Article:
I read Get Rich Slowly almost every day, but today’s post stood out, so I’m posting an excerpt. Great site of practical information about how to increase our sense of well-being, which of course, includes personal finance. –Beth, VTH Host
Ray laughed. “Some of my own friends wonder what I could possibly know about money. I live in a small house. I drive a beat-up old car. They drive new cars and live in McMansions. They don’t think I know what I’m talking about. They don’t understand that the key to wealth is being satisfied with what you already have.”
I murmured agreement as Ray continued: “‘I’ve lived in the same house for 28 years,’ I say to my friends. ‘My house is paid for. Is yours? My car is paid for. Is yours? I could retire today. Could you?’ I don’t have a boat, I don’t have an RV, and I don’t have fancy clothes,” Ray said, indicating his modest attire. “I save my money. I invest it. That’s the way to wealth.”
Normally when I visit customers, we only talk about boxes. It was exciting for me to find somebody so passionate about saving, somebody who grasped the fundamentals of personal finance. But one point stuck out especially: “The key to wealth is being satisfied with what you already have,” said Ray. He’s right.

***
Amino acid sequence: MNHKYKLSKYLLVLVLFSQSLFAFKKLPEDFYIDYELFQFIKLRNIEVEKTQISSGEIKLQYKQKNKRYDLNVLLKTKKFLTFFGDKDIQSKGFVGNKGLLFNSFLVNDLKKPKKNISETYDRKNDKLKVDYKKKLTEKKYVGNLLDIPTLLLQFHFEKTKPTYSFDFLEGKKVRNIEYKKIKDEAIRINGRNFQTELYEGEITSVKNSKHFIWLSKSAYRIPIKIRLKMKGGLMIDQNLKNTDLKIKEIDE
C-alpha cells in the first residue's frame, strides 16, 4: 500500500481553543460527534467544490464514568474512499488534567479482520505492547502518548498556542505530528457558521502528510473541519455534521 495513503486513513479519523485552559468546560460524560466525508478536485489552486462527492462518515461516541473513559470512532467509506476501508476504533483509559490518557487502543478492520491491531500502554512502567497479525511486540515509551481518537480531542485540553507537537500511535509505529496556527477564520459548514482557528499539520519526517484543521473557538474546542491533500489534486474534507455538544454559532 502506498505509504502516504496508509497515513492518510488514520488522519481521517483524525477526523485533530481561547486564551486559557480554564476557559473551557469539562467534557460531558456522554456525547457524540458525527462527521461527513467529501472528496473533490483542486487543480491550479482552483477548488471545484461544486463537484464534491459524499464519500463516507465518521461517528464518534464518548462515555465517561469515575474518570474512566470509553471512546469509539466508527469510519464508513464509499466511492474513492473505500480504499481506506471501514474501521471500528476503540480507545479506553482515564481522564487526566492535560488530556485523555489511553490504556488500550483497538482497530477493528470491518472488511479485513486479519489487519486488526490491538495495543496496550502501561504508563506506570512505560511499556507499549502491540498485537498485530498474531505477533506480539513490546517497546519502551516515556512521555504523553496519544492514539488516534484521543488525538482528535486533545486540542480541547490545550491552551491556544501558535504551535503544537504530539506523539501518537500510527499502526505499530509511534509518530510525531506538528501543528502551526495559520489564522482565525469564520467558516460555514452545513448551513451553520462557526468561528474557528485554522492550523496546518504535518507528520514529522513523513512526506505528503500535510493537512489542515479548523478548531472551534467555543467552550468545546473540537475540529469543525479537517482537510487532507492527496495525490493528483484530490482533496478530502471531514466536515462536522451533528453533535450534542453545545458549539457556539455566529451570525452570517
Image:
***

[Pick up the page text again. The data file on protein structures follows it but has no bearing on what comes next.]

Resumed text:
I used to believe that “wealth” meant being able to buy whatever I wanted. I felt rich if I could buy something new, even if I were purchasing it on credit. Over the past couple years, however, I’ve learned to take pleasure in the things I already own. Why do I need more comic books when I already have a large library of them? Why do I need to own another bike? What will a new chair do for me that my existing chair does not? If anything, I want less stuff.